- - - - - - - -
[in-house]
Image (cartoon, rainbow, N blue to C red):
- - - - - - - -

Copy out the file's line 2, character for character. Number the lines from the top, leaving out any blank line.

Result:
Image (cartoon, rainbow, N blue to C red):